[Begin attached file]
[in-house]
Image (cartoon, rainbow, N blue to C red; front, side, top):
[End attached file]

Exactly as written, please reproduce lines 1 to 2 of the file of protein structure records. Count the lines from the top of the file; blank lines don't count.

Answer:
[in-house]
Image (cartoon, rainbow, N blue to C red; front, side, top):